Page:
The half brother of a man serving two life sentences in a deadly 2012 Indianapolis house explosion that devastated a subdivision is facing a weekslong trial for his alleged role in the blast, which prosecutors say was a scheme to collect a big insurance payout.
Jury selection is scheduled to begin Tuesday in the trial of Bob Leonard, who faces two counts of murder as well as arson and conspiracy charges. Prosecutors allege Leonard, 57, took part in a plot involving four others to collect $300,000 in insurance by filling up the house of his half brother’s then-girlfriend with natural gas. A microwave apparently set to start on a timer sparked the Nov. 10, 2012, blast that killed neighbors Jennifer and John “Dion” Longworth and destroyed or damaged more than 80 homes.
Leonard’s half brother, Mark Leonard, was convicted in July of murder, arson and conspiracy charges and sentenced to two life sentences plus 75 years without parole. Authorities said he was the mastermind behind destroying the home of Monserrate Shirley and enlisted her, Bob Leonard and two other men.
Shirley pleaded guilty last year to two conspiracy charges. Her cooperation led to charges against two alleged co-conspirators, Glenn Hults and Gary Thompson, who face a joint June trial.
Shirley testified against Mark Leonard during his trial and is expected to do so against Bob Leonard, said Denise Robinson, a deputy Marion County prosecutor who will try the case, which was moved to northeast Indiana’s Allen County due to pretrial publicity.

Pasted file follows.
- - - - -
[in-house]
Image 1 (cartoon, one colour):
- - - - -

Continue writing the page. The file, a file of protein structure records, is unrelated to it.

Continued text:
Bob Leonard’s attorneys did not respond to requests from The Associated Press for comment.
His trial is expected to last about five weeks, include some 2,000 pieces of evidence and about 160 prosecution witnesses, Robinson said.
Robinson said she cannot characterize Bob Leonard’s precise alleged role until the trial starts, but noted it will differ from his half brother’s by relying more heavily on conspiracy law because Bob Leonard wasn’t the scheme’s alleged mastermind.
“In this case you’re dealing with someone we’ve alleged was brought into the situation, or hired into the situation, as opposed to someone who had the direct planning and the direct motive himself,” Robinson said.
Shirley testified that Mark Leonard told her that his half brother had agreed to help destroy her home for $10,000.
“He’ll do anything I ask,” Shirley said her then-boyfriend said of Bob Leonard.
Court documents filed with Shirley’s plea agreement indicate Bob Leonard may have helped remove a gas fireplace valve and a gas line regulator and may have set a microwave timer to ignite the explosion. Authorities allege there were two unsuccessful attempts to destroy Shirley’s home before the third attempt succeeded.